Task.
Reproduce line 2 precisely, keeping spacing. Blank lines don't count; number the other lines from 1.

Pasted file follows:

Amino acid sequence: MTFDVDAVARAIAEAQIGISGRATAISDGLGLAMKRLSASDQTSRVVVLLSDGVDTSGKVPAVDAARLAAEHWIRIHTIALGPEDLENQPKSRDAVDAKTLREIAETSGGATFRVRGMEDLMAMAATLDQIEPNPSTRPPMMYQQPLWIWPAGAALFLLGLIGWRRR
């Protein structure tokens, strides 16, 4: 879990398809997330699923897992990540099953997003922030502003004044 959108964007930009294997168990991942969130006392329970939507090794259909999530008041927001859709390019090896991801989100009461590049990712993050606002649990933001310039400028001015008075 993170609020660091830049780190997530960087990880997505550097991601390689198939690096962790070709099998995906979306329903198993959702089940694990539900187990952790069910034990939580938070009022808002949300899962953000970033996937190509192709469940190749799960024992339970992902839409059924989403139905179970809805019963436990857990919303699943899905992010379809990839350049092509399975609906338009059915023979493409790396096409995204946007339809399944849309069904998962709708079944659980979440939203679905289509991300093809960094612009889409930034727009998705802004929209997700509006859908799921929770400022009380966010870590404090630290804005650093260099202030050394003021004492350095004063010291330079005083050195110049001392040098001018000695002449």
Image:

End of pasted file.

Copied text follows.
């Protein structure tokens, strides 16, 4: 879990398809997330699923897992990540099953997003922030502003004044 959108964007930009294997168990991942969130006392329970939507090794259909999530008041927001859709390019090896991801989100009461590049990712993050606002649990933001310039400028001015008075 993170609020660091830049780190997530960087990880997505550097991601390689198939690096962790070709099998995906979306329903198993959702089940694990539900187990952790069910034990939580938070009022808002949300899962953000970033996937190509192709469940190749799960024992339970992902839409059924989403139905179970809805019963436990857990919303699943899905992010379809990839350049092509399975609906338009059915023979493409790396096409995204946007339809399944849309069904998962709708079944659980979440939203679905289509991300093809960094612009889409930034727009998705802004929209997700509006859908799921929770400022009380966010870590404090630290804005650093260099202030050394003021004492350095004063010291330079005083050195110049001392040098001018000695002449």